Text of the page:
Tuesday, May 2, 2017

2 Trumbull Corp. construction workers trapped by a shifting reinforcing bar on a bridge pier for the new Central Susquehanna Valley Thruway in Union County, PA


A construction worker is recovering tonight after being trapped for several minutes about 100 feet in the air, in Union County.

The worker was pinned after rebar - known as reinforcement steel- collapsed.

it happened in Union Township, just before 9 A.M. Monday morning.

A local fire department had to rescue the worker on top of a bridge pillar for the 'Central Susquehanna Valley thruway' project, know as C-S-V-T.

The construction worker was taking to the hospital with minor injuries.


A construction worker had to be freed after being trapped by a shifting reinforcing bar on a bridge pier for the new Central Susquehanna Valley Thruway in Union County Monday morning.

A second worker was also trapped but was able to free himself, said David Thompson, PennDOT District 3 spokesman. The workers are employed by Trumbull Corp. of Pittsburgh.

It took emergency responders an hour to free the trapped worker, Thompson said. Neither had serious injuries, and were taken to a local hospital to be evaluated.

Work was halted by the contractor at the pier until the accident is investigated, and OSHA is on site, Thompson said.

The pier was being built east of Route 15 near the Susquehanna River.

The bridge, estimated to cost $156 million, is the first phase in the $670 million Central Susquehanna Valley Transportation Project.

The CSVT project includes construction of a 13-mille limited access highway connecting Route147 in Northumberland with Routes 11/15 in Snyder County north of Selinsgrove. When completed, the river bridge will be more than 4,500 feet long with a peak elevation of 180 feet. Completion of the project is expected in 2019.


One saved in 100-foot rescue at CSVT bridge site

By Eric Scicchitano The Daily Item
19 hrs ago

A construction worker trapped 100 feet above ground Monday at the Winfield site of the river bridge project for the Central Susquehanna Valley Thruway was cut free and rescued from steel rebar that collapsed.

“There were four workers on top of one of the piers. They were preparing for the next concrete pour and were securing the rebar. The structure bent for some reason. Nobody really knows why at this point,” said Chief Rick Wetzel of the Union Township Fire Co.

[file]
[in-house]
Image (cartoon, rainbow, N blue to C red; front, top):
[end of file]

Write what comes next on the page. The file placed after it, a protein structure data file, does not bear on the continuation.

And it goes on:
Two men were trapped in the rebar when it collapsed atop a concrete bridge pier. One of the workers managed to free himself. The second worker was stuck about 45 minutes.

“He was in the middle of the rebar,” Wetzel said.

A crane was used to steady the rebar as the rescue operation ensued, Wetzel said. The two workers caught in the collapse and two others working atop the pier were brought down to ground on construction man lifts. Emergency responders and contractors worked together to reach the rebar and free the trapped man.

“Really, there are no trucks around tall enough to reach that,” Wetzel said.

The incident was reported at 9:10 a.m., according to Union County 911 Communications.

The unidentified worker suffered a shoulder injury that appeared to be minor, Wetzel said. The fire chief added it was the company’s first emergency call to the bridge construction site.

Assisting on scene were William Cameron Engine Co., Lewisburg, Shamokin Dam Fire Co., and medics from Mifflinburg Community Ambulance Association and Evangelical Community Hospital, according to the 911 center.

David Thompson, PennDOT's District 3 spokesman, said it’s unclear what caused the rebar to collapse.

“We don’t know at this time,” Thompson said. “We’re not aware of any serious injuries.”

Thompson said work was halted until an investigation is conducted.

Trumbull Corp., of Pittsburgh, is the lead project contractor.

The construction site is near the Susquehanna River east of Route 15 in Union County.

The $155 million river bridge, the first phase of the $650 million CSVT project, will be more than 4,500 feet long with an elevation of 180 feet. It's projected to be completed in 2019.